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After talking to a Glider Instructor, he confirmed my fears in that it would have been rare to have had updraughts and downdraughts produced by hills of a height around 2000 ft that would have an effect on a plane a further 6000 ft above them... but not totally impossible  - just very unlikely. It would depend on the shape and steepness of the windward face and the strength of the wind and to be realistic, using Google Earth in 3D mode, these hills in this area just don’t seem to be steep enough... but then again, maybe if the incoming air was hot enough, then maybe with a little help from this heat, it might just assist any updraught to go much higher than expected?  I don’t know.... but on thinking this over, I came to another conclusion. Have a look at this Google Earth image:

It's rather hard to portray what I'm trying to show here, but it is quite possible that the wind was funneling up this valley and accelerating in speed until it hit the steep incline at the end, which would help it have a jet blast effect and possibly reach the higher levels needed. Here's a Google Earth generated profile that I have extended to show more altitude to give an idea of the scales of what we are looking at, and a possible wind flow – excluding the rotors that would occur at the lower levels as this particular photo editing program doesn't have any method that allows rotors to be drawn in....








The small green object is the approximate position MDX would have been in according to the calculations.


By the time Mike first made the call of seeing the lights of towns out on the coast, and by the time Sector One commented to Williamtown that it looked like MDX had made a turn to the east was in the region of 25 seconds which means S1 had seen 2- 3 paints indicating the turn. S1 commented it looked like about a heading of 120°M. But at 09:34:50 – about 20 seconds later he commented to WLM:

S1 – WLM:        ..... heading right toward you now

At 09:36:10  S1 defined the radar position more accurately and said he was in the vicinity of 46 away from WLM on a bearing of 320°M to WLM. To understand this better we need to 'see' what the S1 Radar operator was seeing.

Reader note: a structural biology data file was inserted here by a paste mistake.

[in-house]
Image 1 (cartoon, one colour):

Admittedly, the radar screen was a lot bigger than this image, but you can still see getting an accurate position and heading is only really a generalisation.

As this image is of the radar screen in Sydney, the circular rings representing n.miles are from Sydney – not Williamtown, so to get a reasonably accurate distance using this screen of n.miles away from WLM would mean using a scale ruler and a bit of estimation... hence the extra time spent trying to work it out more accurately. Just the words, “46 miles according to me”, suggests that he wasn't sure. Remember he said earlier “Not very accurate these things”. S1 was obviously hoping that WLM could get MDX on his radar as then they would have a more accurate fix on it as well as knowing MDX was about to go out of range of their coverage.

Note the compass headings around the circumference. When S1 said it looked like he had turned onto a heading of about 120 meant that the paints had turned towards the 120 shown on this outer ring and as there was obviously no recording to fall back on of what was happening on the radar those days, the Sydney radar operator has just filled in a generalisation of what he can remember of that day. Note he has just drawn basically a straight line between the first identified point to the last, and yet going by the transcripts, this line was anywhere but straight.... hence only a generalisation! Due to the scale on the radar, I think the Radar operators were only guessing a lot of the time. Glenn Strkalj of the BWRS, (and also an airline pilot that used to fly a C210 in past years) wrote an excellent article as a result of an in depth study on radar in relation to MDX, and it can be downloaded from this link:

and he also did an excellent Presentation in December 2014 found on this youtube link:


MDX pg 19

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